The hot dog served at Gene's and Jude's is minimalist: just onions, mustard and sport peppers...and a whole lot of fresh-cut fries.

Today is the final episode of Season 2 of Soundbites, a series I produce for Eight Forty-Eight on Chicago Public Radio (WBEZ, 91.5FM).  In this series, I interviewed a number of cooks and chefs, from small little places like Moon’s Sandwich Shop on Western to the ethereal culinary realm of Alinea on Halsted.  My first question to chefs is always, “How do you use sound in your job.”


Sometimes, I get a blank stare from the chefs, but then we talk a little, and we think a little, and we both come to discover the vital role that sound plays in their kitchens.  Grant Achatz of Alinea told me that in some ways “sound is actually more important than sight” in the kitchen – which is saying a lot, give the beauty of some of the dishes that he and his staff create.


This second season, I spoke with a number of chefs, including Homaro Cantu of Moto, who told me how he uses a device in his “kitchen lab” to actually “cook” food with sound, and Mark Mendez who explained how the late piano work of musician Keith Jarrett influenced his current minimalist approach to cooking.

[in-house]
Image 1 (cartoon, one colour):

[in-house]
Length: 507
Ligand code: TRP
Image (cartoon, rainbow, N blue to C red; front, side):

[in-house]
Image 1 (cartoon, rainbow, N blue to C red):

The final Soundbite of 2010 takes place at a humble though much beloved hot stand called Gene’s and Jude’s in River Grove, where the man behind the counter explains how he can tell if a rookie is cutting the fries correctly by the sound the hand-operated potato cutter makes. 


Will there be a Season 3?  Hard to say, but all the Soundbites are archived here and you can decide if we’re worthy to go another round. Listen here.

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David Hammond, a corporate communications consultant and food journalist living in Oak Park, Illinois, is a founder and moderator of, the 8,500 member Chicago-based culinary chat site. David...